The Letter H is such a versatile letter, yet so often overlooked. When used at the beginning of the word it’s very often silent – in honour, honest and strangely in hotel for example. And ‘commonly’ it’s often ignored in everyday speech – ‘ello, ‘ow are you? Wikipedia tells us that H-dropping or aitch-dropping is the deletion of the voiceless glottal fricative or “H sound”.
Voiceless glottal fricative! Really? What a dreadful term for a beautiful letter. And there’s a reverse phenomenon, H-insertion or H-adding, is found in certain situations, sometimes as a hypercorrection by H-dropping speakers, and sometimes as a spelling pronunciation or out of perceived etymological correctness. And of course (one of my ‘pet hates) many people incorrectly pronounce the letter as haitch rather than aitch.
It’s the effect that H has on other letters that I find so interesting. Put it after a P and we get an F sound, as in alphabet and the very fine and noble name Ralph.
When H teams up with C we get two very different sounds – compare chug with chianti for example. Ok, so chianti is cheating slightly being Italian really, how about comparing charm and charisma. And a softer third sound comes of the partnership in words such as cheroot and charabanc.
H has a far more faithful relationship with S, simply swapping a hissy sibilant for a more gentle shushing sound – shipshape and shiny. However, sometimes this sound is achieved without the use of an H, in sure and sugar for example.
When paired with T, H can give a harder there and then, as well as a softer think and thistle.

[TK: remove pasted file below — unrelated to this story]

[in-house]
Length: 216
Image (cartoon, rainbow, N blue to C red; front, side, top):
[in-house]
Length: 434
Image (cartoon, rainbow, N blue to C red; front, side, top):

H’s relationship with W is quite interesting and I think sadly being neglected and forgotten as our language evolves. Few people pronounce when as hwen rather than wen anymore or hwere or hwy.
It’s probably when alongside G that H produces the greatest number of variations in sound. Consider tough, though, thought, trough and thorough for a start, and then there’s plough (couldn’t think of one that starts with a T!). Then we have weight and height (don’t start me on I before E).
It’s a beautiful and fascinating language, one that must be very difficult for Johnny Foreigner to come to terms with.
We have to be very careful in our use of language when designing our questionnaires. Speling mitsakes, and bad grammer give a very poor impression, make us look uneducated and can take away confidence in the survey. At The Survey Initiative, question and answer text as well as intro blurb and instructions are thoroughly scrutinised by our Quality Control team. In addition, we are very careful to avoid leading (or misleading!) questions, double questions and ambiguous questions. It sounds simple, but they are traps which the inexperienced often fall into and which can be very difficult to spot.
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